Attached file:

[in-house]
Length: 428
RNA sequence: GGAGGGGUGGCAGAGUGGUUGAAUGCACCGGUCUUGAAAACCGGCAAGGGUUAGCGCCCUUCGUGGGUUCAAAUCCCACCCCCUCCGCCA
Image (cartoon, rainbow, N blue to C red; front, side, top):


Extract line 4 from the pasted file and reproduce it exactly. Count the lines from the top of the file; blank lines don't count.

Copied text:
Image (cartoon, rainbow, N blue to C red; front, side, top):